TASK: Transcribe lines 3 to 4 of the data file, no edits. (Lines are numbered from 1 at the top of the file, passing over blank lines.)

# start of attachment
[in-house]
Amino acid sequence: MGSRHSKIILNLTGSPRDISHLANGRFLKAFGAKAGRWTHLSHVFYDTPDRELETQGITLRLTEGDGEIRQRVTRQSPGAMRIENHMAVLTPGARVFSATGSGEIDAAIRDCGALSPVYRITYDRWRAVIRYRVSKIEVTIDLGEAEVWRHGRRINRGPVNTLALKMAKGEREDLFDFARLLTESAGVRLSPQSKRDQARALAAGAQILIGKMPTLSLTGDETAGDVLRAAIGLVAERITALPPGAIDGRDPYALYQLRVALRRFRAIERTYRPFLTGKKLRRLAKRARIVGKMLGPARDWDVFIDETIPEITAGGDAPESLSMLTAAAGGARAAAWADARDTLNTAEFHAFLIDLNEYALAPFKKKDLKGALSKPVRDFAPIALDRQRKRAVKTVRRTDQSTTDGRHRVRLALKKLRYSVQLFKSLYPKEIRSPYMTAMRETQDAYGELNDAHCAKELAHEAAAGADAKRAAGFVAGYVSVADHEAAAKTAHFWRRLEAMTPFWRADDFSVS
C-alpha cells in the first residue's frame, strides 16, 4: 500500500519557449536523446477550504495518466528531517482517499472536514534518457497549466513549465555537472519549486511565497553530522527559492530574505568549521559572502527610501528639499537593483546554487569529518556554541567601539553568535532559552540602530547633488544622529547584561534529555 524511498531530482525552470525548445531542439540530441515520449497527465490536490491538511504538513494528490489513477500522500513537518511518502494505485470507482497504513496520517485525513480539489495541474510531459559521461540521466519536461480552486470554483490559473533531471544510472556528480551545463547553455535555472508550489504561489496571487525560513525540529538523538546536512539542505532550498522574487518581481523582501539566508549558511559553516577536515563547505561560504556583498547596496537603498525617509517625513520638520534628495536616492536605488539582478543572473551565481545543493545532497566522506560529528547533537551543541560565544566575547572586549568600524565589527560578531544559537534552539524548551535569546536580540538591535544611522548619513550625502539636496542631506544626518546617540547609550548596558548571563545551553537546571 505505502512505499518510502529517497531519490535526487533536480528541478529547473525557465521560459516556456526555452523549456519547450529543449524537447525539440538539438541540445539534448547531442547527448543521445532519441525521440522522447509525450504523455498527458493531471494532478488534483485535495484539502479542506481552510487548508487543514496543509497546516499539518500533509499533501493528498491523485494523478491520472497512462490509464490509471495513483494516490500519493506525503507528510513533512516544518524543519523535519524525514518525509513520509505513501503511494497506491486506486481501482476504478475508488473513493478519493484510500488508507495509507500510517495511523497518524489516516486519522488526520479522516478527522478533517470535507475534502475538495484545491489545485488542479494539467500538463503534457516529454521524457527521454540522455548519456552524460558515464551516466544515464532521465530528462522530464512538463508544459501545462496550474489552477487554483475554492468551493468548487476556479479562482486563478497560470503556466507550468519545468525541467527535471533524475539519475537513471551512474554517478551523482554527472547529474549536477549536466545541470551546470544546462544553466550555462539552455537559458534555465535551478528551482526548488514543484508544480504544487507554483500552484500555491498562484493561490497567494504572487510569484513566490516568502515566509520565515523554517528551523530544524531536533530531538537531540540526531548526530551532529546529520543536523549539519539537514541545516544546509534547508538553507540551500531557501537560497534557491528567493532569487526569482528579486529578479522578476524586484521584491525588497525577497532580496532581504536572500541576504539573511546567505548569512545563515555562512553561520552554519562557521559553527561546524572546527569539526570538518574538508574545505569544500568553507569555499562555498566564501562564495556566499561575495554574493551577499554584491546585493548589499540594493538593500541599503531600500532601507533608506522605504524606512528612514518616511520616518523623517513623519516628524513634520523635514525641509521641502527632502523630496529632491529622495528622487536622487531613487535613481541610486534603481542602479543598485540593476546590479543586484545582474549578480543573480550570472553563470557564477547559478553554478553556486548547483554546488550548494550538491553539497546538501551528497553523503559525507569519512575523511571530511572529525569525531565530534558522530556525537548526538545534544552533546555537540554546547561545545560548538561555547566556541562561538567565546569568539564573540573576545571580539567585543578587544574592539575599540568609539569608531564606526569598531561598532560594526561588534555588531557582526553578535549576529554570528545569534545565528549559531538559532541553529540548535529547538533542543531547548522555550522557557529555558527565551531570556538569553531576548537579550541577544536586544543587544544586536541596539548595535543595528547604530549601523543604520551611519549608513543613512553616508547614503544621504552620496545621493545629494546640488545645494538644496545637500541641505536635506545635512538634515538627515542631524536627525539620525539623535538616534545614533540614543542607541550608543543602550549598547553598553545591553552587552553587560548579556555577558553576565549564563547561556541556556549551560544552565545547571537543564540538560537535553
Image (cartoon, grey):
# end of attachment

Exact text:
C-alpha cells in the first residue's frame, strides 16, 4: 500500500519557449536523446477550504495518466528531517482517499472536514534518457497549466513549465555537472519549486511565497553530522527559492530574505568549521559572502527610501528639499537593483546554487569529518556554541567601539553568535532559552540602530547633488544622529547584561534529555 524511498531530482525552470525548445531542439540530441515520449497527465490536490491538511504538513494528490489513477500522500513537518511518502494505485470507482497504513496520517485525513480539489495541474510531459559521461540521466519536461480552486470554483490559473533531471544510472556528480551545463547553455535555472508550489504561489496571487525560513525540529538523538546536512539542505532550498522574487518581481523582501539566508549558511559553516577536515563547505561560504556583498547596496537603498525617509517625513520638520534628495536616492536605488539582478543572473551565481545543493545532497566522506560529528547533537551543541560565544566575547572586549568600524565589527560578531544559537534552539524548551535569546536580540538591535544611522548619513550625502539636496542631506544626518546617540547609550548596558548571563545551553537546571 505505502512505499518510502529517497531519490535526487533536480528541478529547473525557465521560459516556456526555452523549456519547450529543449524537447525539440538539438541540445539534448547531442547527448543521445532519441525521440522522447509525450504523455498527458493531471494532478488534483485535495484539502479542506481552510487548508487543514496543509497546516499539518500533509499533501493528498491523485494523478491520472497512462490509464490509471495513483494516490500519493506525503507528510513533512516544518524543519523535519524525514518525509513520509505513501503511494497506491486506486481501482476504478475508488473513493478519493484510500488508507495509507500510517495511523497518524489516516486519522488526520479522516478527522478533517470535507475534502475538495484545491489545485488542479494539467500538463503534457516529454521524457527521454540522455548519456552524460558515464551516466544515464532521465530528462522530464512538463508544459501545462496550474489552477487554483475554492468551493468548487476556479479562482486563478497560470503556466507550468519545468525541467527535471533524475539519475537513471551512474554517478551523482554527472547529474549536477549536466545541470551546470544546462544553466550555462539552455537559458534555465535551478528551482526548488514543484508544480504544487507554483500552484500555491498562484493561490497567494504572487510569484513566490516568502515566509520565515523554517528551523530544524531536533530531538537531540540526531548526530551532529546529520543536523549539519539537514541545516544546509534547508538553507540551500531557501537560497534557491528567493532569487526569482528579486529578479522578476524586484521584491525588497525577497532580496532581504536572500541576504539573511546567505548569512545563515555562512553561520552554519562557521559553527561546524572546527569539526570538518574538508574545505569544500568553507569555499562555498566564501562564495556566499561575495554574493551577499554584491546585493548589499540594493538593500541599503531600500532601507533608506522605504524606512528612514518616511520616518523623517513623519516628524513634520523635514525641509521641502527632502523630496529632491529622495528622487536622487531613487535613481541610486534603481542602479543598485540593476546590479543586484545582474549578480543573480550570472553563470557564477547559478553554478553556486548547483554546488550548494550538491553539497546538501551528497553523503559525507569519512575523511571530511572529525569525531565530534558522530556525537548526538545534544552533546555537540554546547561545545560548538561555547566556541562561538567565546569568539564573540573576545571580539567585543578587544574592539575599540568609539569608531564606526569598531561598532560594526561588534555588531557582526553578535549576529554570528545569534545565528549559531538559532541553529540548535529547538533542543531547548522555550522557557529555558527565551531570556538569553531576548537579550541577544536586544543587544544586536541596539548595535543595528547604530549601523543604520551611519549608513543613512553616508547614503544621504552620496545621493545629494546640488545645494538644496545637500541641505536635506545635512538634515538627515542631524536627525539620525539623535538616534545614533540614543542607541550608543543602550549598547553598553545591553552587552553587560548579556555577558553576565549564563547561556541556556549551560544552565545547571537543564540538560537535553
Image (cartoon, grey):